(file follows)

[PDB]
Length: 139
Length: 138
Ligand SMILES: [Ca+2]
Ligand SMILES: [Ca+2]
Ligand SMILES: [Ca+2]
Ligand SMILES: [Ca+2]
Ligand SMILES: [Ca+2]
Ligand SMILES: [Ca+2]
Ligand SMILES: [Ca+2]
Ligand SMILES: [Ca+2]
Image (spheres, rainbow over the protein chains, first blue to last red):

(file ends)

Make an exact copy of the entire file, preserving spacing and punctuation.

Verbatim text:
[PDB]
Length: 139
Length: 138
Ligand SMILES: [Ca+2]
Ligand SMILES: [Ca+2]
Ligand SMILES: [Ca+2]
Ligand SMILES: [Ca+2]
Ligand SMILES: [Ca+2]
Ligand SMILES: [Ca+2]
Ligand SMILES: [Ca+2]
Ligand SMILES: [Ca+2]
Image (spheres, rainbow over the protein chains, first blue to last red):